PUBS, supermarkets and off-licences across Limerick are being targeted as part of an undercover garda operation to clamp down on the selling of alcohol to under-age children.
Already, a number of premises in the county have been visited as part of the sting operation.
Under the Test Purchase Scheme, young people, in a supervised garda operation, order alcohol from a licensed premises while an undercover garda observes whether or not appropriate proof of age is requested and whether or not a transaction takes place.
Gardai from the Bruff district carried out a number of these inspections in towns and villages across the county recently including Kilmallock, Galbally and Bruree.
According to Superintendent Alan Cunningham of Bruff garda station, while the majority of the premises visited were compliant with the liquor licensing laws, there were incidences where under-age customers were sold alcohol.
Supt Cunningham will now examine whether the license holders will face prosecution. “A file will be submitted on it and the facts will be looked at. When a file comes in to me, I examine it and decide whether a prosecution is warranted and whether the evidence is sufficient,” he said, adding that there is a heavy price to be paid for license holders who break the law.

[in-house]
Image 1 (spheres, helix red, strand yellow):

Under existing laws a license holder convicted before the courts for the sale and supply of alcohol to an under-age person can have a closure order imposed on his or her premises for between two and seven days and/or a fine of up to €3,000 for a first offence.
The Test Purchase Scheme, Supt Cunningham said, is being implemented in the Bruff district for the first time to combat an increase in under-age drinking amongst young people. “Business people need to make their staff aware of the laws in relation to the sale of alcohol,”Supt Cunningham explained.
“There is a difficulty out there with staff selling to young people and we are trying to curtail that. Obviously, there is a difficulty when a teenager takes excessive alcohol - it can result in teenage pregnancies, it can result in them committing crime and getting arrested. It can lead then to their career being destroyed before they even start in university,” he pointed out.
Gardai are emphasising that it is the responsibility of the license holder to ensure that alcohol is sold within the proper hours and to the appropriate people.
“The message we want to get out to the rest of the publicans and license holders is, talk to staff, make sure they are fully aware of the laws and inform them that the one trusted source of identification when you are unsure of a person’s age or identity is the gardai ID which can be obtained from any garda station for a small fee,” said Supt Cunningham.
For more, see the Limerick Leader, print edition, dated September 1, 2012